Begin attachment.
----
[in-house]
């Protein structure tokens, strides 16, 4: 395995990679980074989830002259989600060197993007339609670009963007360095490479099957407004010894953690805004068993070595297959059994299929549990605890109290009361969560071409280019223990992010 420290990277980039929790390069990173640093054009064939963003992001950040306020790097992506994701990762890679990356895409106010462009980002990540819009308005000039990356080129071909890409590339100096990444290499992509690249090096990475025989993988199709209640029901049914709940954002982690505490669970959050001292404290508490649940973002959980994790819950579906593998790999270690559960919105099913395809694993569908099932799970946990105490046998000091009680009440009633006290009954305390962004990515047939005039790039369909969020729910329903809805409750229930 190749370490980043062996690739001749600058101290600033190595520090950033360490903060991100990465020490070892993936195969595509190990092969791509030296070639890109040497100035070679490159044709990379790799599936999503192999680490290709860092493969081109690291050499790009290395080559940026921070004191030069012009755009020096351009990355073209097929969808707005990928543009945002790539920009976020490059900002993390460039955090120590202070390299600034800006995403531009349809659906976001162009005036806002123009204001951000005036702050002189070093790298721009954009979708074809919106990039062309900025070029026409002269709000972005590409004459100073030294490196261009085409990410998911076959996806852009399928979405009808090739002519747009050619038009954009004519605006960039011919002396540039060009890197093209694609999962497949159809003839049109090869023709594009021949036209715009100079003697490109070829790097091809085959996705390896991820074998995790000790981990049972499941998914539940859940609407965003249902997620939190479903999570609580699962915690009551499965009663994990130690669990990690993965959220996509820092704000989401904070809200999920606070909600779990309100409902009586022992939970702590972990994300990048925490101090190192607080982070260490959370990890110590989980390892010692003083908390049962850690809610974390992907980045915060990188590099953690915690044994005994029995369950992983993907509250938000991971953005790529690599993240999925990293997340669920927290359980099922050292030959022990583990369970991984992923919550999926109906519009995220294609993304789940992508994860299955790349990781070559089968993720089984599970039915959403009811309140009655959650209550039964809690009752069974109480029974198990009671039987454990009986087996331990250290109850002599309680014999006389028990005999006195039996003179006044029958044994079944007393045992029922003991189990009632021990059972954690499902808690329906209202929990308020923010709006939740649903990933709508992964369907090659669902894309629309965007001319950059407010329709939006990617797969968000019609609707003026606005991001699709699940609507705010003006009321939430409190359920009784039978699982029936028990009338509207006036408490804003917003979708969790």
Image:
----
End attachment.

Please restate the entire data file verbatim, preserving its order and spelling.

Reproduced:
[in-house]
């Protein structure tokens, strides 16, 4: 395995990679980074989830002259989600060197993007339609670009963007360095490479099957407004010894953690805004068993070595297959059994299929549990605890109290009361969560071409280019223990992010 420290990277980039929790390069990173640093054009064939963003992001950040306020790097992506994701990762890679990356895409106010462009980002990540819009308005000039990356080129071909890409590339100096990444290499992509690249090096990475025989993988199709209640029901049914709940954002982690505490669970959050001292404290508490649940973002959980994790819950579906593998790999270690559960919105099913395809694993569908099932799970946990105490046998000091009680009440009633006290009954305390962004990515047939005039790039369909969020729910329903809805409750229930 190749370490980043062996690739001749600058101290600033190595520090950033360490903060991100990465020490070892993936195969595509190990092969791509030296070639890109040497100035070679490159044709990379790799599936999503192999680490290709860092493969081109690291050499790009290395080559940026921070004191030069012009755009020096351009990355073209097929969808707005990928543009945002790539920009976020490059900002993390460039955090120590202070390299600034800006995403531009349809659906976001162009005036806002123009204001951000005036702050002189070093790298721009954009979708074809919106990039062309900025070029026409002269709000972005590409004459100073030294490196261009085409990410998911076959996806852009399928979405009808090739002519747009050619038009954009004519605006960039011919002396540039060009890197093209694609999962497949159809003839049109090869023709594009021949036209715009100079003697490109070829790097091809085959996705390896991820074998995790000790981990049972499941998914539940859940609407965003249902997620939190479903999570609580699962915690009551499965009663994990130690669990990690993965959220996509820092704000989401904070809200999920606070909600779990309100409902009586022992939970702590972990994300990048925490101090190192607080982070260490959370990890110590989980390892010692003083908390049962850690809610974390992907980045915060990188590099953690915690044994005994029995369950992983993907509250938000991971953005790529690599993240999925990293997340669920927290359980099922050292030959022990583990369970991984992923919550999926109906519009995220294609993304789940992508994860299955790349990781070559089968993720089984599970039915959403009811309140009655959650209550039964809690009752069974109480029974198990009671039987454990009986087996331990250290109850002599309680014999006389028990005999006195039996003179006044029958044994079944007393045992029922003991189990009632021990059972954690499902808690329906209202929990308020923010709006939740649903990933709508992964369907090659669902894309629309965007001319950059407010329709939006990617797969968000019609609707003026606005991001699709699940609507705010003006009321939430409190359920009784039978699982029936028990009338509207006036408490804003917003979708969790």
Image: